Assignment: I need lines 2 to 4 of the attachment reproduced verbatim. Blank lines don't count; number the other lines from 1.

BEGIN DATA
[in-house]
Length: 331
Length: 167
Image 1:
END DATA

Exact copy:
Length: 331
Length: 167
Image 1: